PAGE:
Bill Introduced to Allow HIV-Positive Travelers, Immigrants

Legislation was introduced Friday that would repeal provisions in the Immigration and Nationality Act that bar HIV-positive people from entering the United States, senators John Kerry of Massachusetts and Gordon Smith of Oregon announced.

BY Matthew Van Atta

December 15 2007 1:00 AM ET

Legislation was
introduced Friday that would repeal provisions in the
Immigration and Nationality Act that bar HIV-positive people
from entering the United States, senators John Kerry
of Massachusetts and Gordon Smith of Oregon announced.
The provisions include HIV-positive doctors and
experts as well as people seeking asylum in the U.S.

“It’s incredible that the federal government
still tolerates a ban that not only restricts AIDS
experts with the disease but also refugees who are
seeking asylum in our country,” Kerry said in the
statement. “My legislation will end this
draconian law. The attempts to fix this law through a
complex waiver system, while admirable, still don’t
do anything to rectify the discriminatory underlying
problem. That is why I have introduced this
legislation to permanently strike this unfair provision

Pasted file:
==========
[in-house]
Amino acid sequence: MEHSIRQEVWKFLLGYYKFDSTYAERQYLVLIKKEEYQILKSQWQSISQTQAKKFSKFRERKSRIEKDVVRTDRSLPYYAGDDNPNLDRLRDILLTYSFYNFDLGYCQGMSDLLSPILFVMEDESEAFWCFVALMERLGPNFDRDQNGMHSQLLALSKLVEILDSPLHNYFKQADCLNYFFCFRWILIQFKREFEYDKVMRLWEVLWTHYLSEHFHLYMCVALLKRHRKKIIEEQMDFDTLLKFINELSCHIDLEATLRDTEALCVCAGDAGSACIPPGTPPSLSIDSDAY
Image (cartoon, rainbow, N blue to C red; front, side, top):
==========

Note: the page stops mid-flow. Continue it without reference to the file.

from the books.”

The INA has
treated HIV as a grounds to deny immigrants U.S. citizenship
since 1993. The proposed bill by Smith, a Republican, and
Kerry, a Democrat, would strike HIV restrictions from
the INA and ask for a full review of the public health
aspects of travel and immigration restrictions against
those with HIV, the statement said.

Because of the
restrictions, international HIV/AIDS conferences have been
blocked from taking place in the United States. According to
the statement, the U.S. is one of only 13 countries
that have an HIV travel ban, along with China, Iraq,
Libya, and Sudan.

The measure
includes 12 requirements of HIV-positive visitors and
immigrants coming to the U.S., including the disclosure of
one's HIV status to officials in the
individual’s home country; certification that
the person has the medication necessary for the duration of
their stay in the U.S.; certification that no symptoms
are being exhibited; and a commitment to avoid all
high-risk behavior while in the U.S. (The Advocate)

Tags: Health

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